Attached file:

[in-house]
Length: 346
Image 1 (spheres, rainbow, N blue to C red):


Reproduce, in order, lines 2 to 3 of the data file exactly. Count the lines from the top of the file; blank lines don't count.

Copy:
Length: 346
Image 1 (spheres, rainbow, N blue to C red):